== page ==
“If the Indian economy is really in the throes of a severe slowdown,” I asked myself, “how come I see so many notices offering jobs for helpers, call centre assistants and other such workers?”
I was on my walk in an area where it is quiet in the morning because offices and some factories are not yet open. As a journalist who has specialised in business and economy, I try to connect the dots between what domain specialists such as bankers, economists and industrialists say.
A naughty thought occurred to me: Is bad journalism contributing to the slowdown?
I have little doubt in my mind that India’s economy needs some fixing, and jobs are certainly an issue. However, there is a controversy because some — seen to be apologising on behalf of the government — say that the slowdown is psychological. Hard data compiled by agencies including industry associations and government departments show both the overall economy and some “core sectors” are seeing a fall in output or demand or both.
Now here is where I think a journalist is important in a way distinct from economists or industry bodies. Industry associations often interpret their own problems as that of the entire economy, while economists reading the data take time to arrive at their conclusions because they wait for statistics to turn up and then sometimes chew over it slowly. Also, both the manner in which statistics are compiled and the mindsets with which they read the data are limited by a high degree of scholarship based on specialisation.
The journalist, I like to think, specialises in a different way. By noting with her eyes and ears stuff that may contradict the dominant narrative, by talking to ordinary people such as blue-collar workers, farmers, housewives and local traders, and by asking sheer commonsensical questions outside the conventional straitjacket of an academician, the journalist can contribute to the discourse on a subject in a way that provokes conversations, generates ideas and throws up new perspectives.
For instance, let us ask ourselves: if the economy was doing so badly, how is it that Prime Minister Narendra Modi’s BJP got re-elected with a higher lead this year? Why is it that I do not see jobs as a key issue in the Maharashtra assembly election campaign this year in spite of it being home to some of the most industralised zones in the country, including the automobile sector that is said to be in a crisis?
The answers to all of these questions relate to the economy, but not to economics alone. It took us months if not years to come up with an expression called “structural slowdown” to explain some aspects of the slowdown. Better journalism may have helped us get there earlier.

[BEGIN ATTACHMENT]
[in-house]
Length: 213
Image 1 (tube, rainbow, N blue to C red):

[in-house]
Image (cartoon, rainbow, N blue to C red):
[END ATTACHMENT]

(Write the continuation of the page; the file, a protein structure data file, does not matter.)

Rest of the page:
As someone who has formally studied economics (and also politics), I try to look at things from both an academic and social point of view. The perspectives I generate can differ based on how I connect the dots. I may not even have access to some dots — much like professional economists crunching data . What emerges out there in the public is a composite view. Or it ought to be that way.
Here is where I think business and economic journalists should not fall a victim to what I call the Stenographer Trap. Often, journalists end up speaking to economists and industry insiders, which is good, but end up compiling their views as gospel, which is not. Or they unquestioningly believe the versions put out by government ministers and bureaucrats. That is also part of the Stenographer Trap.
The journalist in a way must move or hover below, above and all around these experts, like an intellectual drone. Vox populi or talking to ordinary people, is often missing in economic journalism in which expert view or government view or industry view is passed off as gospel.
I have not seen enough stories on the slowdown covering all the points of view or questions that I have mentioned above. There was a fine series on the jobs crisis in The Times of India, and one bit of data is still ringing in my mind: the number of delivery workers employed in the e-commerce industry now is roughly equal to the number of workers employed in the organised automobile sector. That is my comparison. I have not seen any story comparing the two.
The catch: wages can differ significantly. Auto industry workers tend to earn more than Amazon delivery boys. It takes a long time for economists to put all such stuff together. Journalists can get their faster, and often with new perspectives. But not necessarily in a thorough way.
“Anecdata” generated by journalists is as important, and sometimes more important than the official data. They can lead to improvements in statistical methods, or ideas for policy-makers. They can also help proportionate responses, instead of knee-jerk reactions.
The Stenographer Trap can lead the journalist to undervalue her importance. I do believe some of the questions related to the current Indian economic slowdown have not been properly answered by reporters and feature writers, who should be doing more than compiling what industry experts, officials, and academicians say. In that sense, their falling into a narrow groove can potentially overstate or under-inform on a situation. To that extent, they may be contributing to the slowdown because information (or lack of it) can alter the course of action.
I don’t want to necessarily describe economic journalism related to the slowdown as “bad” but then it is certainly inadequate in my point of view, at least from what I can gather from mainstream business dailies or see on business channels. It is certainly worth reflecting on some aspects of business journalism in India.
P.S. I am deliberately holding back some ideas that must be explored by journalists in analysing the current slowdown. Maybe I will write about them somewhere else.